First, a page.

• Messages:
      (808)
    • Likes Received:
      (179)
    I'm getting rid of all the dial gauges and using the electronic gauges on the GO7.
     
  7. ShadowX

    ShadowX I've posted enough I should edit this section

    Location:
    Los Angeles
    Name:
    Alex
    Boat:
    None
    • Messages:
      (1,354)
    • Likes Received:
      (734)
    You can do that, but if the fish finder is down, you will have no gauges at all. Some people prefer to at least have one dedicated gauge for engine RPM, etc as a backup.
     
  8. ShadowX

    ShadowX I've posted enough I should edit this section

    Location:
    Los Angeles
    Name:
    Alex
    Boat:
    None
    • Messages:
      (1,354)
    • Likes Received:
      (734)
    You may also need a NMEA 0183 connection from your GO fish finder to the DSC connection on your radio unless your radio has a NMEA 2K connection or an internal GPS antenna. They are different NMEA systems.
     
  9. ShadowX

    ShadowX I've posted enough I should edit this section

    Location:
    Los Angeles
    Name:
    Alex
    Boat:
    None
    • Messages:
      (1,354)
    • Likes Received:
      (734)
  10. Fin Fan

    Fin Fan Headless chicken!

    Location:
    Laguna Niguel, Mulege, bcs Mexico
    Name:
    J
    Boat:
    Vaya con Dios
    • Messages:
      (808)
    • Likes Received:
      (179)
    What kind of fuel flow meter to read accurate fuel info ie: fuel used, fuel remaining, mpg etc...
     
  11. Fin Fan

    Fin Fan Headless chicken!

    Location:
    Laguna Niguel, Mulege, bcs Mexico
    Name:
    J
    Boat:
    Vaya con Dios
    • Messages:
      (808)
    • Likes Received:
      (179)
    After doing research, I dont think I can hookup my honda to a nmea 2000 network. It's a 2003. I'm checking the serial number tomorrow.

    I heard that Honda didn't do it til 2010.
     
  12. ShadowX

    ShadowX I've posted enough I should edit this section

    Location:
    Los Angeles
    Name:
    Alex
    Boat:
    None
    • Messages:
      (1,354)
    • Likes Received:
      (734)
    Models below and newer have NMEA 2K:
    BF150A BANJ-1304171-Forward, BAPJ -1300650-Forward

    If you are 2003, its most likely you do not have NEMA 2K.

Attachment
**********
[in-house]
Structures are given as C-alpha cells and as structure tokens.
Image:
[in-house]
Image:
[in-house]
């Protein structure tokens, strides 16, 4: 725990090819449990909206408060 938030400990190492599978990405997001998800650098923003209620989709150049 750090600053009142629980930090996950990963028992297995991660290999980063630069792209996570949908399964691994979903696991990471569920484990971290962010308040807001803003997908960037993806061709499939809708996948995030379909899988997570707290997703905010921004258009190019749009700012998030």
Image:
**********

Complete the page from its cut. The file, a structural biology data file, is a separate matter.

[​IMG]
     
  13. ShadowX

    ShadowX I've posted enough I should edit this section

    Location:
    Los Angeles
    Name:
    Alex
    Boat:
    None
    • Messages:
      (1,354)
    • Likes Received:
      (734)
    If you go into the Honda site for manuals, the model years before 2010 does not have NMEA interface on page 32 of the manual. Technically the manual was copyright in 2009, but with your engine at 2003, its guaranteed not to have the NMEA 2K interface.

    https://marine.honda.com/support/manuals/models/BF150

    [​IMG]
     
  14. ShadowX

    ShadowX I've posted enough I should edit this section

    Location:
    Los Angeles
    Name:
    Alex
    Boat:
    None
    • Messages:
      (1,354)
    • Likes Received:
      (734)
    The good news is that, like Geico, you just saved yourself a bunch of money.
     
    Fin Fan likes this.
  15. Mike_I

    Mike_I Well-Known "Member"

    Location:
    Irvine
    Name:
    Mike_I
    Boat:
    Cabo 216 "First Love"
    • Messages:
      (852)
    • Likes Received:
      (320)
    If you have any existing nema 0183 devices like a vhf or gps you might as well plan on replacing it since a nema 0183 to 2k adapter runs around $200.


     
  16. Mike_I

    Mike_I Well-Known "Member"

    Location:
    Irvine
    Name:
    Mike_I
    Boat:
    Cabo 216 "First Love"
    • Messages:
      (852)
    • Likes Received:
      (320)
    kind of sucks, but problem solved

     
  17. ShadowX

    ShadowX I've posted enough I should edit this section

    Location:
    Los Angeles
    Name:
    Alex
    Boat:
    None
    • Messages:
      (1,354)
    • Likes Received:
      (734)
    If you only want the fuel flow reading and not engine RPM, etc, you can get a dedicated EP 60R NMEA fuel flow meter from Lowrance. You just install it in series with your fuel line and run the cable to the NMEA backbone to get data. I have the same setup on my older Johnson motor and it reads the fuel flow very accurately. The sensor is around $200 and you still need a NMEA starter kit. The starter kit is around $65, so its not too bad.
     
    Fin Fan likes this.
  18. Ufish

    Ufish Newbie

    Location:
    Brisbane, Australia
    Name:
    Ufish
    Boat:
    6.5m Offshore
    • Messages:
      (4)
    • Likes Received:
      (0)
    The other alternative could be to install the nmea starter and add nmea fuel gauge(s) and combine the EP60. It wont give engine data as prev stated, but you get fuel data on all your electronic MFDs etc and a very accurate fuel usage / remaining data set.
     

Share This Page